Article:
Two license questions
jcowan at reutershealth.com
Thu Mar 30 17:07:16 UTC 2000
Richard Bondi wrote:
> 1) I think this belongs on an FAQ at www.opensource.org: if I use one of
> the approved licenses, can I rename it? I'm going to use the Ricoh license
> for my book's code; can I call it the Wiley Open Source Public License
Nobody is likely to sue you. The GPL and MPL make explicit provisions for
doing this, and the MIT/BSD and Artistic Licenses have been used this way
forever. I wouldn't worry about it. You might want to call it the
"Bondi Open Source Public License", though, as Wiley might not appreciate
your taking their name in vain.
> 2) My publisher is very confused about whether they should replace their
> standard CD software statement with the Ricoh license, or put both on the
> page facing the CD.
Their standard license probably incorporates the Ricoh license by reference,
since it speaks of "using the software as described in the software and
the accompanying book", so if your license is present in either place you
are probably OK.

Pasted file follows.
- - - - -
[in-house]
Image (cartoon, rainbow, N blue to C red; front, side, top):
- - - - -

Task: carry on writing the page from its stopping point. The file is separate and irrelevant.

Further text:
Nevertheless it will confuse people and should be heaved out.
> Do they contradict each other because the Wiley
> statement says "All rights reserved"? What confuses me is that the Ricoh
> license's Exhibit says "All Rights Reserved:" doesn't it actually grant a
> ton of rights?!!
No and yes, respectively.
It used to be that a notice of copyright (the thing that says "Copyright
2000 so-and-so") wasn't effective in some countries without the magic
words "All Rights Reserved", whether those rights were then licensed
to anyone or not. This is no longer true anywhere (I think) but
publishers insert it out of habit. It has no effect on your license.
Schlingt dreifach einen Kreis um dies! || John Cowan <jcowan at reutershealth.com>
Schliesst euer Aug vor heiliger Schau, || http://www.reutershealth.com
Denn er genoss vom Honig-Tau, || http://www.ccil.org/~cowan
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